Steam Deck repairs should be “left to the pros” says Valve

This comes after early reports of joystick drift on the portable console

Valve has said that any repairs needed on a players’ Steam Deck should be handled by the professionals.

Last October, Valve shared a video detailing how to safely open and exchange the thumbsticks and SSD in the Steam Deck, but in a new interview with Rock Paper Shotgun, Valve engineer Pierre-Loup Griffais has warned people off DIY repairs.

“At the end of the day, it’s a PC that you own, and so we were very cognisant of that fact that people wanted to have all the data on what’s in there,” Griffais said. “But we recommend repairs are left to pros or returned to Valve for anything that goes wrong, if that comes up.”


“We recognise that there’s a big desire for people to be able to upgrade their PCs and we looked at it really hard, but at the end of the day, the goal of having the portability and the handheld form factor was pretty at odds with a lot of that. So we got in what we could, and we made it as modular as possible, given the goal of being portable, but it’s definitely a big tradeoff that we had to walk there,” he added.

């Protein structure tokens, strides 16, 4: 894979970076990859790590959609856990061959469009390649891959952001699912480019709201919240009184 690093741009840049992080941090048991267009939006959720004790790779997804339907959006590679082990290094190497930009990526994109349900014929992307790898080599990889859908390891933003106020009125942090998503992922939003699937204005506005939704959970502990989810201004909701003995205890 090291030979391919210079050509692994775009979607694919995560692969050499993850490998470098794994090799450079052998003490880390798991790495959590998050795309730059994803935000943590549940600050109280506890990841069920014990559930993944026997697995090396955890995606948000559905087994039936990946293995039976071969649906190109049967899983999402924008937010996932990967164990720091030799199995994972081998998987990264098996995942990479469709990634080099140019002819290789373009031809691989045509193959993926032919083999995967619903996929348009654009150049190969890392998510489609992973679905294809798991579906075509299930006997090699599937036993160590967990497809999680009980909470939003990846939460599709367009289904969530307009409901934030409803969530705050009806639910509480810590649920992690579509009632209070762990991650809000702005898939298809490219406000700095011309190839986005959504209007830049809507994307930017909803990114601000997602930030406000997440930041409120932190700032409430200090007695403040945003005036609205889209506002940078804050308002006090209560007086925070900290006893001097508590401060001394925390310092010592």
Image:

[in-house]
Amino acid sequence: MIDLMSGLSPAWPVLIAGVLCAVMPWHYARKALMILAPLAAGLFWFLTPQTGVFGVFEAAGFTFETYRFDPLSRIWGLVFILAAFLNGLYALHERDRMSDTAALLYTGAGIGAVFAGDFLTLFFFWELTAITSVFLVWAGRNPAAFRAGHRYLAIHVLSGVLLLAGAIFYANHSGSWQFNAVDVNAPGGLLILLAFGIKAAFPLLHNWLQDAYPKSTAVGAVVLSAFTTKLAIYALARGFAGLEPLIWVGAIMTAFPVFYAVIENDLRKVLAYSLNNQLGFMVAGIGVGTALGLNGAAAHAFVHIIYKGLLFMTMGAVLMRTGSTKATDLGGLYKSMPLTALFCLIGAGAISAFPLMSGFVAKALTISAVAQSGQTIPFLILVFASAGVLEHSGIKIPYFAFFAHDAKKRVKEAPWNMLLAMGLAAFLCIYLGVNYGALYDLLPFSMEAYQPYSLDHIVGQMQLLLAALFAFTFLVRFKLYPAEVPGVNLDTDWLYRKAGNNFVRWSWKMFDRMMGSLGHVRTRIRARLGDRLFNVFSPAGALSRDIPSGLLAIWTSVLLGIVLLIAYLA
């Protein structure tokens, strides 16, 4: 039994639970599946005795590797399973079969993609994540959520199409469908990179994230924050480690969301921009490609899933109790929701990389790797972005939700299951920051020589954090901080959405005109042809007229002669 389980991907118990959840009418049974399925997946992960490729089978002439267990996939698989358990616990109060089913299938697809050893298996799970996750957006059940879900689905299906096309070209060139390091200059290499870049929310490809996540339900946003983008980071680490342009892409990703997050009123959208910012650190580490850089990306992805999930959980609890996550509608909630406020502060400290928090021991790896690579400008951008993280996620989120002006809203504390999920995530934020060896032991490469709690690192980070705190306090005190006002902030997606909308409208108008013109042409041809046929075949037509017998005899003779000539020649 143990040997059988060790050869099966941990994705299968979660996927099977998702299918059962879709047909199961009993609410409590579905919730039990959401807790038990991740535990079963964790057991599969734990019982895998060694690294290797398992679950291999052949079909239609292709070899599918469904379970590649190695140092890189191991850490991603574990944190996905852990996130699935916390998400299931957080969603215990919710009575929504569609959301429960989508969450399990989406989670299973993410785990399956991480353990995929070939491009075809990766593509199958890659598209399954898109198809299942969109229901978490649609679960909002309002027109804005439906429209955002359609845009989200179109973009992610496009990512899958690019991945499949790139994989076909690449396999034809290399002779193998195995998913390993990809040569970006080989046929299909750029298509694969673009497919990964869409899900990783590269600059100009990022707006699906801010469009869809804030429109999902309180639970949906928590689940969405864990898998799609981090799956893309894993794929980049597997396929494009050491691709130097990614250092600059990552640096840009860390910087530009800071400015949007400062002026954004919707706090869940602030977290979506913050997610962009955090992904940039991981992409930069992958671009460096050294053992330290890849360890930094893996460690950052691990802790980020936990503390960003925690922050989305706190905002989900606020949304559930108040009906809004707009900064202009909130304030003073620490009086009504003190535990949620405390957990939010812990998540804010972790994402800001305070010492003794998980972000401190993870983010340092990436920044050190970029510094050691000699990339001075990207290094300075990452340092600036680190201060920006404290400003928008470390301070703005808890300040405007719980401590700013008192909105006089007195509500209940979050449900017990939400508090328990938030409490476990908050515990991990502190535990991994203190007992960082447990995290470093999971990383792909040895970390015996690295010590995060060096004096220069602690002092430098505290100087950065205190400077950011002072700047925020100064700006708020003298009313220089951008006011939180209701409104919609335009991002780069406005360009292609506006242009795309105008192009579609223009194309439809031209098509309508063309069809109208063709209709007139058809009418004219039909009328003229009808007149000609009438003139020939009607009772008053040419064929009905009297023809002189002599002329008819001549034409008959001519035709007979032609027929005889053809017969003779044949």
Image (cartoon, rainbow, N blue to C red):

His comments come as players reported issues with joystick drift on the Steam Deck.

Valve has since confirmed the problems were caused by a “deadzone calibration” bug and the company has already shipped a fix.

Nintendo Switch users have been plagued by similar issues of drift, when the controls register movements the player didn’t actually make, since the release of that console.

Nintendo Of America’s president Doug Bowser has promised “continuous improvements” and the company is offering free repairs on all Joy-Cons affected. However some users have taken things into their own hands, with one YouTuber using nothing more than a bit of cardboard to fix the problem.


In other news, according to Destiny 2 developer Bungie, the game won’t run on the Steam Deck and any players attempting to get it working on the handheld console will be met with a ban.